Rwanda is a small, landlocked country, with the highest population density in Africa. 90% of the population live in rural areas and are largely food-insecure. The genocide of 1994 led to the loss of one million lives and displaced 800,000 people, with devastating social and economic effect on the country. Rwanda is now pursuing rapid economic growth, aiming to transform from a subsistence economy to a knowledge-based economy by 2020.
Rwanda is severely vulnerable to climate change. This ‘land of a thousand hills’ suffers from high levels of soil erosion, which when combined with a reliance on rain-fed farming and a lack of modern technology, creates serious constraints to agricultural development. Climatic hazards including floods, dry spells and droughts pose a substantial and persistent threat to rural livelihoods and Rwanda, particularly for tea and coffee exports.
The Government of Rwanda is keenly aware of the economic risks and opportunities for sustainable socio-economic development presented by climate change. Rather than choose between environment or development, Rwanda is looking for ‘green growth’ solutions and a pathway to a carbon neutral economy, via its Green Growth and Climate Resilience Strategy.
In 2011 the Rwandan government invited interested organisations to submit proposals to design a national climate and environment finance mechanism. The Centre’s proposal was selected, and CIDT was tasked with recommending the optimal design and scope for an operational fund. This is how the national fund FONERWA – Fonds National de l’Environnement Rwanda – was born. The Government of Rwanda has become one of a few nations across the world who have developed a national climate change and environment fund.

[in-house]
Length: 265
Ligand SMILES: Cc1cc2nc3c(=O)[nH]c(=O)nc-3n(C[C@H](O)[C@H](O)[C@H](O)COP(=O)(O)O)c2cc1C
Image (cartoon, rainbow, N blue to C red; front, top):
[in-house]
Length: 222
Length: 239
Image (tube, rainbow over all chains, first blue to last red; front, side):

What role does CIDT play?
In 2012 CDKN supported the six-month design phase, including the Terms of Reference for the Fund’s establishment and operation. The purpose of the fund is to ensure sustainable financing is accessible to support environmental sustainability, resilience to climate change and green growth.
In the first step of the work, the Centre designed the institutional, administrative and procedural elements of FONERWA in collaboration with the Government. The Centre developed a very practical operational manual to govern the management of the Fund. This specified legal status, governance, management and institutional requirements, safeguards, transparency, accountability and audit and reporting requirements. The Centre recognised that in the early stages, FONERWA needed to be tightly governed in order to build confidence with donors, investors and the international community.